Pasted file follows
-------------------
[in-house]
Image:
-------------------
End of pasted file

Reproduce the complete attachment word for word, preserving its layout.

[in-house]
Image: